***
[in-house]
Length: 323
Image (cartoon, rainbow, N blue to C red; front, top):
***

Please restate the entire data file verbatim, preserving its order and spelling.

[in-house]
Length: 323
Image (cartoon, rainbow, N blue to C red; front, top):